Created on Saturday, 01 February 2014 Written by VANESSA McCRAY, The (Toledo) Blade
BOWLING GREEN, Ohio (AP) — For Joe Boyle, training for his first marathon isn't just a challenge of endurance and strength.
It's a test of heart and will and hope, and by those measures he's already crossed the finish line.
The 39-year-old Bowling Green man learned he had kidney cancer in 2011, roughly a year after he found a passion for running.
The diagnosis and ensuing treatments stalled his marathon plans, but now he's seizing his last chance to pound out 26.2 miles before starting an intensive, experimental immunotherapy regimen.
On Sunday, Boyle, his Cleveland Clinic oncologist, and some friends will run three loops of a nearly 9-mile course they've mapped out along Bowling Green's sidewalks and through the Bowling Green State University campus. The run will cap several years of on-and-off training and cross off a goal that a doctor once told him would be impossible to accomplish.
"When they say 'You have cancer' or when they say 'You're never going to run again'... it's a horrible, horrible place, and you're kind of grasping in the darkness for anything," Boyle said.
The marathon became something to strive for as he fought cancer. Running brings him hope, he said, and his quest has inspired those who know him.
"It might not be an option for him to do it again," said Elizabeth Gorski, a friend who will run the marathon with him. "It's something that he really wants to do, so we are going to do it."
He wants those miles to send a message to his children — Ellie, 11, Joey, 8, and Mark, 5 — and the students he teaches at Rogers High School in Toledo.
"We're all dying in one way or another. We don't know when ... we are going to check out, so the important thing is just to do what you love and be with the people that you love," he said.
He started running in 2010 after a visit to Africa awakened his interest in physical fitness. Out-of-shape and overweight, Boyle joined a BGSU-associated group on an educational trip. The itinerary included a hike up a mountain in Tunisia, and upon reaching the top he said he had an epiphany.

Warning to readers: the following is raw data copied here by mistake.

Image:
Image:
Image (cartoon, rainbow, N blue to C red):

"I just climbed this mountain," he thought. "If I can do this, what else can I do?"
He started running within weeks of returning home. He jogged at first — "huffing and puffing around the block."
But he finished a 5-kilometer (3.1 miles) race, later extending it to 10 kilometers (6.2 miles).
"Running just became this incredible, empowering thing for me," he said. "It was tranquil, it was quiet, it was fun, it made me feel good, and it became a huge part of who I am."
Boyle planned to run a marathon in 2011, and that March he finished a half-marathon. After the race he became sick, developing stomach pains that prompted a visit to the emergency room at Wood County Hospital. That's when doctors discovered a tumor in his right kidney growing into his circulatory system.
A whirlwind of emotions accompanied a flurry of medical action.
After a major surgery at Cleveland Clinic, he developed a blood clot in his left leg which caused his leg to swell to double its size. He was treated for the clot, but a doctor told him running wasn't possible.
The news was devastating, threatening to take away the thing that made him feel "really alive." He used a walker to get around, and he slowly built up his strength despite the leg pain.
In time, he started to run, though his pace was much slower. By September, 2011, he finished another 5-kilometer race and worked to build up his miles.
Summer, 2012, brought another setback. His kidney cancer had traveled to his lungs, prompting more intensive treatments.
Through it all, he ran when he could, finding solace in those strides.
Every four months he undergoes scans to check the disease's progression. In November, his Cleveland Clinic medical oncologist Dr. Brian Rini told Boyle that the tumors in his lungs were still growing — albeit slowly — and he would soon have to start treatment.
He'll begin an immunotherapy regimen in mid-February, and the side-effects — fatigue, joint pain, inflammation — will make running difficult.
If he wants to do a marathon, he needs to do it now.
Boyle and his friends embraced the challenge. He increased his training and at least three of his friends volunteered to run alongside him. Rini, a veteran of four marathons who often chats with his patient about their mutual love of running, agreed to join the unconventional run too.
"It's not even a physical thing, it's more mentally to try to cross it off the list," Rini said. "He's like me, once you decide to do something ... you are going to accomplish (it)."
That determination is inspirational.
"He's amazing," Rini said.
The runners will start and end the marathon at St. Aloysius Catholic Church, where Boyle and Gorski started a youth group. Boyle expects other friends and a couple students he's taught to run with him for parts of the marathon.
The group is readying for frigid February temperatures, and Boyle may have to walk some sections. But he's intent on finishing.
Gorski admires her friend's resiliency, energy, and sense of humor and is confident he'll reach the finish line.
"He's always looking on the positive side," she said. "I've not seen a bad day from Joe Boyle."
He doesn't know exactly what will happen after the marathon. He said the treatment he's about to start has caused tumors to shrink and even disappear in some patients, and he plans to continue teaching social studies.
For the moment, he's focused on the marathon and bolstered by the love shown from the community, school, friends, his children, and his wife, Katie.
"When you realize you can do these things, that's living," he said